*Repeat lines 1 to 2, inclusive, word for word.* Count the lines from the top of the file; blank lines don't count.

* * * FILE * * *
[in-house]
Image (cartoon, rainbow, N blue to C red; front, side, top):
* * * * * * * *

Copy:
[in-house]
Image (cartoon, rainbow, N blue to C red; front, side, top):